Hours earlier, Davis had been navigating dense traffic in Lahore, his thick frame wedged into the driver’s seat of a white Honda Civic. A city once ruled by Mughals, Sikhs and the British, Lahore is Pakistan’s cultural and intellectual capital, and for nearly a decade it had been on the fringes of America’s secret war in Pakistan. But the map of Islamic militancy inside Pakistan had been redrawn in recent years, and factions that once had little contact with one another had cemented new alliances in response to the CIA’s drone campaign in the western mountains. Groups that had focused most of their energies dreaming up bloody attacks against India were now aligning themselves closer to Al Qaeda and other organizations with a thirst for global jihad. Some of these groups had deep roots in Lahore, which was why Davis and a CIA team set up operations from a safe house in the city.
But now Davis was sitting in a Lahore police station, having shot two young men who approached his car on a black motorcycle, their guns drawn, at an intersection congested with cars, bicycles and rickshaws. Davis took his semi-automatic Glock pistol and shot through the wind shield, shattering the glass and hitting one of the men numerous times. As the other man fled, Davis got out of his car and shot several rounds into his back.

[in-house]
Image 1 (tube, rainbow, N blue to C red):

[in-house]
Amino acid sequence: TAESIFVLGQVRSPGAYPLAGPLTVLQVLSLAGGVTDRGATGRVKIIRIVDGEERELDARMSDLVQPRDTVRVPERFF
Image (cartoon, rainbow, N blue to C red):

He radioed the American Consulate for help, and within minutes a Toyota Land Cruiser was in sight, careering in the wrong direction down a one-way street. But the SUV struck and killed a young Pakistani motorcyclist and then drove away. An assortment of bizarre paraphernalia was found, including a black mask, approximately 100 bullets and a piece of cloth bearing an American flag. The camera inside Davis’ car contained photos of Pakistani military installations, taken surreptitiously.
More than two years later, the Raymond Davis episode has been largely forgotten in the United States. It was immediately overshadowed by the dramatic raid months later that killed Osama bin Laden — consigned to a footnote in the doleful narrative of America’s relationship with Pakistan. But dozens of interviews conducted over several months, with government officials and intelligence officers in Pakistan and in the United States, tell a different story: that the real unravelling of the relationship was set off by the flurry of bullets Davis unleashed on the afternoon of 27 January 2011, and exacerbated by a series of misguided decisions in the days and weeks that followed. In Pakistan, it is the Davis affair, more than the Bin Laden raid, that is still discussed in the country’s crowded bazaars and corridors of power — via redwolf.newsvine.com